- ROUNDTABLE: Pharmacy’s future in sync with technology
- President Obama addresses health reform during State of the Union, industry responds
- Deloitte survey: Employers say outcomes-based medicine is answer to healthcare woes
- CVS' Merlo: Health reform to benefit business in 2014
- CMS Medicare analysis found mail order more expensive than community pharmacy across 21 plans
MENLO PARK, Calif. — The unemployed and underemployed have limited access to health care and, in many cases, are putting off seeking medical care, according to the "Long-Term Unemployed Survey" released on Monday by NPR News and the Kaiser Family Foundation.
When they are sick or need medical advice, the long‐term unemployed and underemployed are much more likely than those with full‐time jobs to say they rely on a hospital emergency room or that they have no usual place to go for care (39% compared with 15% of full‐time employees).
This rises to almost 6-in-10 among those who are both unemployed or underemployed and uninsured. Correspondingly, more than 4-in-10 of the long‐term unemployed and underemployed said that they or another family member living in their household has had problems paying medical bills in the past two years.
However, the same amount of unemployed and underemployed visited a retail clinic, such as MinuteClinic or Take Care Clinics, as did the employed (3%), suggesting that there is a significant opportunity to raise awareness around the lower-cost healthcare services that can be found in those venues.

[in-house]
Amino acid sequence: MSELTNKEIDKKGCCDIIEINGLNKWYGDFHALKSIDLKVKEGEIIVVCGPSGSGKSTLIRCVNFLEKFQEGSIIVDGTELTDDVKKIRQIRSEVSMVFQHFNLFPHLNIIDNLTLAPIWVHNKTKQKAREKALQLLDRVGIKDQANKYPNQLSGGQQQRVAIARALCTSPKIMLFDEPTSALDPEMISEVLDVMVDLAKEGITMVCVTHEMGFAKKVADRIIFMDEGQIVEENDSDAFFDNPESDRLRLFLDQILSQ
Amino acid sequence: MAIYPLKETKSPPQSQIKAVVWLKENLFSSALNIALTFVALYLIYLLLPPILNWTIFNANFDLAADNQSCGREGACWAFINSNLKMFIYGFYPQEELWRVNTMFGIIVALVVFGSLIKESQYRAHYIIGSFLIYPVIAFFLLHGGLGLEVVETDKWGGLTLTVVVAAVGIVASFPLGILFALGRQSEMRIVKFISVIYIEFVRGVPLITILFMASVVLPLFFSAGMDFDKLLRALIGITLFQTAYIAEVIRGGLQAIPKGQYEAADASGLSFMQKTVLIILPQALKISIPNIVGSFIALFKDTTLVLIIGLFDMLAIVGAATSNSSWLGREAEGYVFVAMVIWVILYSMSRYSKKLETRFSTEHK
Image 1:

More than half of the long‐term unemployed and underemployed reported they had postponed getting needed health care because of the cost. Almost half reported skipping a recommended medical test or treatment (46%), and 40% said they had not filled a prescription because of the expense.
While 85% of those with full‐time jobs reported being covered by health insurance, roughly half (51%) of the long‐term unemployed and underemployed said they had no health coverage whatsoever. Among those who did have coverage, the long-term unemployed were most likely to report getting it through Medicare, Medicaid or another government program (23%), while the long‐term underemployed were most likely to say they get coverage through their part‐time job or a spouse’s or parent’s employer (26%). Just 2% of the long‐term unemployed and 1% of the long‐term underemployed reported they had COBRA coverage from a former job.
Both those who are without any work and those who have been only partially employed for an extended period of time reported some specific health consequences related to their employment situation. Nearly 6-in-10 said they had difficulty sleeping or loss of sleep. More than half said they had gained or lost more than 10 lbs. as a result of being out of work, including more who reported gaining (30%) than losing (18%).